book review


Curtis Roads
MIT Press
2004, 408 pages + CD

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sep 04, 2008


Curtis Roads
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Sonogram of computer music
Sonogram made from a microsound recording on the enclosed CD. The composition is made up of many sound objects, which appear as star-shaped figures.

E lec­tron­ically-generated sound is a big business these days. How­ever, early composers of electronic music like Iannis Xenakis and Edgard Varèse found their works stuck on the sidelines as electronic music came to be associated with low-budget sci-fi flicks and schmaltzy imitations of conventional instruments. Part of this was probably due to the limitations of early instruments like the theremin and Moog synthesizer, which were crude and inflexible by today's standards. Computers are now capable of synthesizing any waveform that is desired, which means the complexity of the sound they produce now rivals that of acoustic instruments.

Curtis Roads calls such computer-generated sound "microsound", by which he means sound that is created by digitally piecing together waveforms from building blocks or "particles" whose individual length is between 50 and 100 milliseconds. Composers using this technique face a formidable challenge. They must not only create a meaningful composition, but also visualize the basic sound for an instrument that is programmed instead of played. Their audience may even be hostile, regarding pre-programmed sound as little different from a recording.

An example of microsound is shown in the sonogram at right, which I made from one of the audio samples on the CD in the book. In this composition, one single waveform was repeated many times at different frequencies to create a cloud of sound. Working with small chunks is much easier than the old method of specifying the complete waveform in the voltage domain. Using that technique, at the standard CD rate of 44,100 samples per second, the composer would die of old age after producing only a few seconds of music.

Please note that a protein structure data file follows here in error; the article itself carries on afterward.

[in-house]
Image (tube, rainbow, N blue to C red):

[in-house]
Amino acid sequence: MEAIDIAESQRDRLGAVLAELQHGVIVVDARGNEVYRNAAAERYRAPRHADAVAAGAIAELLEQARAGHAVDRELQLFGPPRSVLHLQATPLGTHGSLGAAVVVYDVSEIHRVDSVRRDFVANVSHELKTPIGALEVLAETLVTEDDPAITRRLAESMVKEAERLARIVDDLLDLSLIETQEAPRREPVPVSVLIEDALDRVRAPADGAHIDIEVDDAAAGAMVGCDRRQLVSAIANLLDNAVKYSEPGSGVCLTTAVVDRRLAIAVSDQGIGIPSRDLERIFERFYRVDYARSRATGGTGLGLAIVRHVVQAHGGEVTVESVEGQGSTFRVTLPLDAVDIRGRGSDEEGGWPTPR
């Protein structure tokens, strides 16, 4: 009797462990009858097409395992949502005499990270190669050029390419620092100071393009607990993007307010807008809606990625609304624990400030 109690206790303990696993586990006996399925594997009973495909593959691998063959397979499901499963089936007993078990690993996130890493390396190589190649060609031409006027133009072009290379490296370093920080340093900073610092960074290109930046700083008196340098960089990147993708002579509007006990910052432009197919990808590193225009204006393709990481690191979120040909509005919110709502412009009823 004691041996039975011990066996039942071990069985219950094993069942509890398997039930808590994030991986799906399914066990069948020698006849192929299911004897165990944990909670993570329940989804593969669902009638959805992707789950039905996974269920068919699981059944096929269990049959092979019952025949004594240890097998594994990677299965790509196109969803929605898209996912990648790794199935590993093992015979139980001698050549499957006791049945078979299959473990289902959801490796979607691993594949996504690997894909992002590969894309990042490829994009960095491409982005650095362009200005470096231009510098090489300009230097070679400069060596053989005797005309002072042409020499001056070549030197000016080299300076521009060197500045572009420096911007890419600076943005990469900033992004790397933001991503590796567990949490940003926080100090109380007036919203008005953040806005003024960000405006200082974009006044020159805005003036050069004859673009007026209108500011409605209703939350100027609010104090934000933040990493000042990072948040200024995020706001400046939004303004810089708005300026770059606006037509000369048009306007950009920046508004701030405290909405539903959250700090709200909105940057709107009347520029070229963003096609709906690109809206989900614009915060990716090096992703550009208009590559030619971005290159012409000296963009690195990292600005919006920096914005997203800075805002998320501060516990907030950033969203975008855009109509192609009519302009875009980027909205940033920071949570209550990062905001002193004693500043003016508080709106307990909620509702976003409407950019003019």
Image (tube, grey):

In this book, Roads presents some psychoacoustics and elementary signal processing theory, mixed with descriptive language intended to inspire musicians to try out his ideas. Although the book is too basic to interest engineers, musicians may be inspired by it. They're already used to working in the Fourier domain, so it's a small step to manipulating frequency spectra to create sound. But Roads still has to spend so much time explaining basic signal processing concepts that there's little time left for building on his ideas about grains of sound. How do you get grains of sound to interact to produce music instead of noise? Roads devotes the last two chapters to this issue, but doesn't get very far.

The computer opens up a new universe for composers, who can now sculpt with raw sound. Maybe it shouldn't even be called music, but a new art form based on sounds. This book will give the basic concepts needed to make those sounds. But in the end, it's up to the composer to figure out how to turn raw sounds into a language, so the computer does more than just make cool noises.